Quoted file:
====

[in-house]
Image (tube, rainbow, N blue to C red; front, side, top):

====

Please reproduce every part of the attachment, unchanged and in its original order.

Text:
[in-house]
Image (tube, rainbow, N blue to C red; front, side, top):